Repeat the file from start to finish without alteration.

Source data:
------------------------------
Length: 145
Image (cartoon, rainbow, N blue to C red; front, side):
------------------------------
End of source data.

Length: 145
Image (cartoon, rainbow, N blue to C red; front, side):